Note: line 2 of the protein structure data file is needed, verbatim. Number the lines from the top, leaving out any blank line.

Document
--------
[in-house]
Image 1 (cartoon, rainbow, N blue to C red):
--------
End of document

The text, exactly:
Image 1 (cartoon, rainbow, N blue to C red):